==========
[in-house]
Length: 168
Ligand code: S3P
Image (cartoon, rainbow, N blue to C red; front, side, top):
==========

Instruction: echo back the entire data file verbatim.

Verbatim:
[in-house]
Length: 168
Ligand code: S3P
Image (cartoon, rainbow, N blue to C red; front, side, top):